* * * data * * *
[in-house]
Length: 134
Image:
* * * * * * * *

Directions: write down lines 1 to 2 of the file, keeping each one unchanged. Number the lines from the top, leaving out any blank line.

[in-house]
Length: 134